The man looking to unseat Fairfield County Prosecutor Gregg Marx said his candidacy was spurred in part by four recent cases where men admitted to molesting a child but were not charged with felonies.City prosecutors allege sex crimes mishandled
The child victims ranged from a 3-year-old girl to a 13-year-old developmentally-delayed boy. In each of the cases, the suspect was either a caregiver, relative, a daycare provider or a church youth mentor/pastor.
The crimes occurred as far back as the early 2000s, but were denied felony prosecution in the last two years by Marx and his office. Marx's office has full discretion when it comes to seeking felony indictments from a grand jury, but the Lancaster Law Director and city prosecutor's office, which deals only in misdemeanor offenses, believes too many serious cases are being rejected for felony charges.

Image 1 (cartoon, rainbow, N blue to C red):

Kyle Witt, an assistant prosecutor in the city prosecutor's office, said the lack of prosecution in certain cases is one of the main reasons he is running against Marx in the upcoming March 15 Republican primary election. Witt and Senior City Prosecutor Stephanie Hall pointed to the four child molestation cases as some of the most serious acts that received no felony prosecutorial action.
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